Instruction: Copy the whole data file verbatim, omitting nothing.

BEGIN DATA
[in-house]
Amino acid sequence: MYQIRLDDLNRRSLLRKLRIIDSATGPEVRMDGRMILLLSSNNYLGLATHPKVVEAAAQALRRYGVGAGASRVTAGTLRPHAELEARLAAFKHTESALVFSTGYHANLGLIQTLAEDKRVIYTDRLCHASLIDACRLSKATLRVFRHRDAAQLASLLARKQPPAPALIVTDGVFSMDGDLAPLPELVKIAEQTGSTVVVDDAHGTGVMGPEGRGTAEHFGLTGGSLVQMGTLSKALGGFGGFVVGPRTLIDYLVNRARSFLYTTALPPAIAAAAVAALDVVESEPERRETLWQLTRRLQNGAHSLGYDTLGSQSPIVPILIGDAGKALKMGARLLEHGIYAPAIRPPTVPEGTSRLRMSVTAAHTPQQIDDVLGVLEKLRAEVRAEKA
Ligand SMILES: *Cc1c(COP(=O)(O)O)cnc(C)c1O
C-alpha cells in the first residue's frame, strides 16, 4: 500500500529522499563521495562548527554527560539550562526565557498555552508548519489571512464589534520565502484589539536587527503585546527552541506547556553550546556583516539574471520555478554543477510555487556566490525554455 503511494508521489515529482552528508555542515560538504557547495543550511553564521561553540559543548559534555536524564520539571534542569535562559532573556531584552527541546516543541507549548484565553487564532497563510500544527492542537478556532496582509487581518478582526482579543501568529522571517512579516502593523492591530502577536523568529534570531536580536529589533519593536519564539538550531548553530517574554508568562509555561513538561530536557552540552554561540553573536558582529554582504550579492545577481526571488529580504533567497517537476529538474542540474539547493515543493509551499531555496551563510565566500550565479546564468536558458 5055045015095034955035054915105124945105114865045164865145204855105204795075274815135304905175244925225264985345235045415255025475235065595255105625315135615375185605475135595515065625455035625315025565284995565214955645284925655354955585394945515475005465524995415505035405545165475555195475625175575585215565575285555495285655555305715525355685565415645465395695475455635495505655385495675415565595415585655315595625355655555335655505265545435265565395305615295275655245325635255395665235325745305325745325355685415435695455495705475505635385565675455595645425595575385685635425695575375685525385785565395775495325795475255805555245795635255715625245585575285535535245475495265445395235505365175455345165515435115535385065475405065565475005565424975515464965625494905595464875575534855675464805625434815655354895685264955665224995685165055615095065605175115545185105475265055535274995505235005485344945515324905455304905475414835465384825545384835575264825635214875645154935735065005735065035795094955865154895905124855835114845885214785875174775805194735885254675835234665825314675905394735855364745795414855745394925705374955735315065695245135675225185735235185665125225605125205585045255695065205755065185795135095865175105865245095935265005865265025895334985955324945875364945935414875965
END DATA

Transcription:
[in-house]
Amino acid sequence: MYQIRLDDLNRRSLLRKLRIIDSATGPEVRMDGRMILLLSSNNYLGLATHPKVVEAAAQALRRYGVGAGASRVTAGTLRPHAELEARLAAFKHTESALVFSTGYHANLGLIQTLAEDKRVIYTDRLCHASLIDACRLSKATLRVFRHRDAAQLASLLARKQPPAPALIVTDGVFSMDGDLAPLPELVKIAEQTGSTVVVDDAHGTGVMGPEGRGTAEHFGLTGGSLVQMGTLSKALGGFGGFVVGPRTLIDYLVNRARSFLYTTALPPAIAAAAVAALDVVESEPERRETLWQLTRRLQNGAHSLGYDTLGSQSPIVPILIGDAGKALKMGARLLEHGIYAPAIRPPTVPEGTSRLRMSVTAAHTPQQIDDVLGVLEKLRAEVRAEKA
Ligand SMILES: *Cc1c(COP(=O)(O)O)cnc(C)c1O
C-alpha cells in the first residue's frame, strides 16, 4: 500500500529522499563521495562548527554527560539550562526565557498555552508548519489571512464589534520565502484589539536587527503585546527552541506547556553550546556583516539574471520555478554543477510555487556566490525554455 503511494508521489515529482552528508555542515560538504557547495543550511553564521561553540559543548559534555536524564520539571534542569535562559532573556531584552527541546516543541507549548484565553487564532497563510500544527492542537478556532496582509487581518478582526482579543501568529522571517512579516502593523492591530502577536523568529534570531536580536529589533519593536519564539538550531548553530517574554508568562509555561513538561530536557552540552554561540553573536558582529554582504550579492545577481526571488529580504533567497517537476529538474542540474539547493515543493509551499531555496551563510565566500550565479546564468536558458 5055045015095034955035054915105124945105114865045164865145204855105204795075274815135304905175244925225264985345235045415255025475235065595255105625315135615375185605475135595515065625455035625315025565284995565214955645284925655354955585394945515475005465524995415505035405545165475555195475625175575585215565575285555495285655555305715525355685565415645465395695475455635495505655385495675415565595415585655315595625355655555335655505265545435265565395305615295275655245325635255395665235325745305325745325355685415435695455495705475505635385565675455595645425595575385685635425695575375685525385785565395775495325795475255805555245795635255715625245585575285535535245475495265445395235505365175455345165515435115535385065475405065565475005565424975515464965625494905595464875575534855675464805625434815655354895685264955665224995685165055615095065605175115545185105475265055535274995505235005485344945515324905455304905475414835465384825545384835575264825635214875645154935735065005735065035795094955865154895905124855835114845885214785875174775805194735885254675835234665825314675905394735855364745795414855745394925705374955735315065695245135675225185735235185665125225605125205585045255695065205755065185795135095865175105865245095935265005865265025895334985955324945875364945935414875965